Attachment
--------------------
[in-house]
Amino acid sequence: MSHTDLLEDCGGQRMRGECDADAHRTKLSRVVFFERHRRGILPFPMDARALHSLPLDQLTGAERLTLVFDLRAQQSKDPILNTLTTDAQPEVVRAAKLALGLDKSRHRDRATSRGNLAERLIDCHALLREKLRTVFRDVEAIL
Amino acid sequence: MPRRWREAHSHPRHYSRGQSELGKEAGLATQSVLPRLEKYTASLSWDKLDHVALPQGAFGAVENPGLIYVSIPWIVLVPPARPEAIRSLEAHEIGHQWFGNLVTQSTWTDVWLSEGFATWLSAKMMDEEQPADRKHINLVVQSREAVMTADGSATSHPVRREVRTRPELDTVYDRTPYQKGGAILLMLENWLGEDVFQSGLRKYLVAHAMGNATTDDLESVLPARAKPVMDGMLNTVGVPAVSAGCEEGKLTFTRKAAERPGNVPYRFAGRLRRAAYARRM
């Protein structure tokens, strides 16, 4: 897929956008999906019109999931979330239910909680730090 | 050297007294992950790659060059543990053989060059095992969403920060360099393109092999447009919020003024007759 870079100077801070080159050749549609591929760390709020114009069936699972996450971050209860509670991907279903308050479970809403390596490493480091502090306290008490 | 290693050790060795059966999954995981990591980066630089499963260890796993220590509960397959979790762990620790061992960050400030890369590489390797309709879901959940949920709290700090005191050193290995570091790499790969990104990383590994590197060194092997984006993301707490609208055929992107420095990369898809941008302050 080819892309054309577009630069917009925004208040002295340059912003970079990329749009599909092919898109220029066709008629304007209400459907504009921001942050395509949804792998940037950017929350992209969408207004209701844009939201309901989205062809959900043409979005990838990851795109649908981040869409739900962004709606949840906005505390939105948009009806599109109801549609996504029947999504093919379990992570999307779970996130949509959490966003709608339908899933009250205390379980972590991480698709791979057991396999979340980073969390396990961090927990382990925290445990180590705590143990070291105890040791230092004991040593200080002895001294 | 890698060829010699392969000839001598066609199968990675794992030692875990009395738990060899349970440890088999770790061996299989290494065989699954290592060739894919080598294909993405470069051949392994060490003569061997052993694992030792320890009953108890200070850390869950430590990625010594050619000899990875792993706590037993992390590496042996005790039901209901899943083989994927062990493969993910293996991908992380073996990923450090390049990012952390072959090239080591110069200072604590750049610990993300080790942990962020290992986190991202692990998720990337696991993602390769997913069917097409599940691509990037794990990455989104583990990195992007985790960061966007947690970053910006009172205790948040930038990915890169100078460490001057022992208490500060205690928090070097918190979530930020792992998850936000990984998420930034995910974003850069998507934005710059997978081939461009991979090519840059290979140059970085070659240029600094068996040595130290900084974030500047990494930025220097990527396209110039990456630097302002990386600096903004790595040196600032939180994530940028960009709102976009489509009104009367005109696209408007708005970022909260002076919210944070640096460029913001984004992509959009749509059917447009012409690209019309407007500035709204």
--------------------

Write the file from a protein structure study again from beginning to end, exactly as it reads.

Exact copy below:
[in-house]
Amino acid sequence: MSHTDLLEDCGGQRMRGECDADAHRTKLSRVVFFERHRRGILPFPMDARALHSLPLDQLTGAERLTLVFDLRAQQSKDPILNTLTTDAQPEVVRAAKLALGLDKSRHRDRATSRGNLAERLIDCHALLREKLRTVFRDVEAIL
Amino acid sequence: MPRRWREAHSHPRHYSRGQSELGKEAGLATQSVLPRLEKYTASLSWDKLDHVALPQGAFGAVENPGLIYVSIPWIVLVPPARPEAIRSLEAHEIGHQWFGNLVTQSTWTDVWLSEGFATWLSAKMMDEEQPADRKHINLVVQSREAVMTADGSATSHPVRREVRTRPELDTVYDRTPYQKGGAILLMLENWLGEDVFQSGLRKYLVAHAMGNATTDDLESVLPARAKPVMDGMLNTVGVPAVSAGCEEGKLTFTRKAAERPGNVPYRFAGRLRRAAYARRM
């Protein structure tokens, strides 16, 4: 897929956008999906019109999931979330239910909680730090 | 050297007294992950790659060059543990053989060059095992969403920060360099393109092999447009919020003024007759 870079100077801070080159050749549609591929760390709020114009069936699972996450971050209860509670991907279903308050479970809403390596490493480091502090306290008490 | 290693050790060795059966999954995981990591980066630089499963260890796993220590509960397959979790762990620790061992960050400030890369590489390797309709879901959940949920709290700090005191050193290995570091790499790969990104990383590994590197060194092997984006993301707490609208055929992107420095990369898809941008302050 080819892309054309577009630069917009925004208040002295340059912003970079990329749009599909092919898109220029066709008629304007209400459907504009921001942050395509949804792998940037950017929350992209969408207004209701844009939201309901989205062809959900043409979005990838990851795109649908981040869409739900962004709606949840906005505390939105948009009806599109109801549609996504029947999504093919379990992570999307779970996130949509959490966003709608339908899933009250205390379980972590991480698709791979057991396999979340980073969390396990961090927990382990925290445990180590705590143990070291105890040791230092004991040593200080002895001294 | 890698060829010699392969000839001598066609199968990675794992030692875990009395738990060899349970440890088999770790061996299989290494065989699954290592060739894919080598294909993405470069051949392994060490003569061997052993694992030792320890009953108890200070850390869950430590990625010594050619000899990875792993706590037993992390590496042996005790039901209901899943083989994927062990493969993910293996991908992380073996990923450090390049990012952390072959090239080591110069200072604590750049610990993300080790942990962020290992986190991202692990998720990337696991993602390769997913069917097409599940691509990037794990990455989104583990990195992007985790960061966007947690970053910006009172205790948040930038990915890169100078460490001057022992208490500060205690928090070097918190979530930020792992998850936000990984998420930034995910974003850069998507934005710059997978081939461009991979090519840059290979140059970085070659240029600094068996040595130290900084974030500047990494930025220097990527396209110039990456630097302002990386600096903004790595040196600032939180994530940028960009709102976009489509009104009367005109696209408007708005970022909260002076919210944070640096460029913001984004992509959009749509059917447009012409690209019309407007500035709204």